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3 things to know about Michigan’s CROWN Act

On Behalf of | Dec 4, 2023 | Employees' Rights |

Michigan has followed some other states in providing specific protections for employees and students from discrimination based on their hair type and hairstyles. The Creating a Respectful and Open World for Natural Hair Act, which is better known as the CROWN Act outlines exactly what’s considered illegal now. 

It’s critical that employers and employees know about these protections so they can ensure compliance. The best way to think of this act is that it enables people to have any hair type and use protective styles without having to fear discrimination. 

Protection for protective hairstyles

Protective hairstyles are commonly used by Black individuals to promote healthy hair. Locs, braids and twists are three of these styles. The CROWN Act also enables workers to embrace their natural hair without having to use protective styles.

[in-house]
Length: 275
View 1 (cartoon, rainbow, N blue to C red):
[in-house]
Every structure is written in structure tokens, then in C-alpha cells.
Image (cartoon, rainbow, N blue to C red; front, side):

Covers workplaces and educational institutions

The CROWN Act forbids employers and schools from forbidding these styles or using a person’s hairstyle as the basis for decisions related to work or education. For some individuals, the choice to have natural hair comes down to a health issue, which makes this act even more important. No student or employee should have to subject themselves to harsh chemicals for school or work.

Complaints can’t lead to retaliation

Any worker who believes their employer is violating the CROWN Act can file complaints without fear of retaliation. It’s illegal for employers to retaliate against employees through negative employment actions as long as the complaint is factual. 

Discrimination for any protected status, including racial or ethnic traits, is illegal. Anyone who’s being subjected to discrimination or harassment based on those factors may opt to pursue legal options. 


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